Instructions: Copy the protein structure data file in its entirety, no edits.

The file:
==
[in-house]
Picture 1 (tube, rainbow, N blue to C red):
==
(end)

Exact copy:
[in-house]
Picture 1 (tube, rainbow, N blue to C red):